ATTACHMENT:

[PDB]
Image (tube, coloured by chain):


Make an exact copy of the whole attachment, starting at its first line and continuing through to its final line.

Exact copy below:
[PDB]
Image (tube, coloured by chain):